The Britons are probably the most significant British racists you’ve never heard of. Through their publishing efforts, The Britons kept an English translation of infamous Protocols of the Elders of Zion in print from their founding in 1919 to their final demise in 1975. Usually appearing as mere background characters in general texts on British fascism, The Britons (later reconstituted as the British Publishing Society) have been largely neglected in studies of the radical right to date. In Haters, Baiters and Would-Be Dictators, Nick Toczek examines the history and legacy of this overlooked group. Toczek’s book is the first, and to date only, book-length study of The Britons and their influence on the British radical right.
Toczek’s book is based primarily on material from his own private collection, amassed over the past thirty years, supplemented with internet research and visits to the Churchill Archive Centre at the University of Cambridge. Toczek is not a professional historian and his interest in The Britons and radical right activism more generally stems from his political activism – but also from the wartime experiences of his father, John. This gives the book a refreshing quality. Haters, Baiters and Would-Be Dictators also resonates with Toczek’s personal fascination about how people come to espouse extremist views and how extremist ideas spread over time and space.
When it comes to groups like The Britons, one of the frustrations encountered by researchers are the myriad of obscure groupuscules and ideologues who survive only as sometimes-incorrectly given names or initials. The life of The Britons’ founder, Henry Hamilton Beamish, in addition to many of its other leading members, remains shrouded in mystery. In the first chapter of the book, Toczek provides a short biography of Beamish, which reconstructs his life in South Africa before the First World War and his later career as a travelling salesman of extreme anti-Semitic ideology. Alongside the book’s chapters are several appendices which form a treasure trove of information on the numerous journals, groups and personalities of the British radical right.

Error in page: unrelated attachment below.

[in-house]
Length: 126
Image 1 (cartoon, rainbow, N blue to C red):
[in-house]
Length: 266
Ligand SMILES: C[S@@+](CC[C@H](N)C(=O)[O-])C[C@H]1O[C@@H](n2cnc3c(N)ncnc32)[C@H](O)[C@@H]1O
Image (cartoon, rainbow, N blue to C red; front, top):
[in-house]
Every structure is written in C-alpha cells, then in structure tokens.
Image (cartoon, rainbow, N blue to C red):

By tracing the history of The Britons across the twentieth century, Toczek restored the group from an obscure anti-Semitic political society of the 1920s into the principal custodian of British radical right ideology between the 1920s to the 1970s. Although not without international influences, they preserved a distinctly British ‘tradition’ of anti-Semitism which that on to inspire Arnold Leese, Colin Jordan and many other key activists. The 1950s and 1960s, dealt with in the latter chapters of the book, emerge as the most intriguing period of The Britons’ (by then the Britons Publishing Society) existence. There, Toczek examines how the Britons Publishing Society became a sort of intellectual forum, uniting neo-Nazis with ultra-reactionary ‘diehards’ like A. K. Chesterton’s League of Empire Loyalists.